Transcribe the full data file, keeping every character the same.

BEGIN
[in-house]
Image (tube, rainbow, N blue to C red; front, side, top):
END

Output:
[in-house]
Image (tube, rainbow, N blue to C red; front, side, top):